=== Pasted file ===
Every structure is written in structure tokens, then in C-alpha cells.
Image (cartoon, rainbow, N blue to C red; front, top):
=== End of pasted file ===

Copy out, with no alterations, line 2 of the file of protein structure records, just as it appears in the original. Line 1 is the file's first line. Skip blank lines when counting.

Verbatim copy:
Image (cartoon, rainbow, N blue to C red; front, top):